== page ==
If you’re on an eligible FTTP or HFC connection, and want a premium speed experience, you may also be interested in NBN 250 or NBN 1000 plans. These plans are typically quite expensive — ranging from $110 to $180 per month on average — and are best suited to large households with big download demands. 

But if you can afford to go super-fast, and feel like you’d benefit from the extra speed, you can now find NBN 250 and NBN 1000 options from most major NBN providers, including Telstra, Optus, TPG and more. 


Read more: What internet speed is best for my household?


Speed for the NBN

If you’re one of the millions of Aussies now on an NBN plan, you have a range of speeds to choose from — which can make it harder to figure out if you’re actually getting the best speed for your needs. Depending on the NBN technology type used to connect your home to the network, you could have up to six or more speed tier options available at your address.

Currently, there are six main residential NBN speed tiers commonly available to customers. These tiers are divided by the maximum download and upload speeds available; the higher the speeds, the faster your plan should be.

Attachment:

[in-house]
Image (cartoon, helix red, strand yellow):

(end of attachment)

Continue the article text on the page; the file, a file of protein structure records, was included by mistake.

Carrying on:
NBN Plan Maximum Speed Average Speed 7pm-11pm (approximate)
NBN 12 12Mbps 7-8Mbps
NBN 25 25Mbps 15-18Mbps
NBN 50 50Mbps 40Mbps
NBN 100 100Mbps 80Mbps
NBN 250 250Mbps 200Mbps
NBN 1000 1000Mbps 250Mbps

If you know which speed tier you’re currently using, you can then gauge whether your current speeds are up to par. The easiest way to check your internet speed is simply to run an internet speed test on your home NBN connection (especially during the popular usage times of 7pm-11pm). Use these results to see how close to your plan’s advertised and average speeds your service typically is.